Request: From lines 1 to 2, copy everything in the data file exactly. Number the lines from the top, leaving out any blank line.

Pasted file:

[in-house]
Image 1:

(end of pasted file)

[in-house]
Image 1: